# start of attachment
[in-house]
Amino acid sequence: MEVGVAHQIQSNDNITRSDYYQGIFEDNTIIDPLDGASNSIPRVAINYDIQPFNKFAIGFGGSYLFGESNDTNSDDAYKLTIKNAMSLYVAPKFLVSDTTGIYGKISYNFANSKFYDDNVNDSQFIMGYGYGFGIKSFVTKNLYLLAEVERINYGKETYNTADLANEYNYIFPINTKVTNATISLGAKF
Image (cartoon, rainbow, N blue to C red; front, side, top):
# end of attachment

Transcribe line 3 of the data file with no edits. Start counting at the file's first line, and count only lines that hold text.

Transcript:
Image (cartoon, rainbow, N blue to C red; front, side, top):